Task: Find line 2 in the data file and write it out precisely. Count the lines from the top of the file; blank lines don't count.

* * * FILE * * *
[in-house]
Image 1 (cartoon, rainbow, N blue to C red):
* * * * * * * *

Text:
Image 1 (cartoon, rainbow, N blue to C red):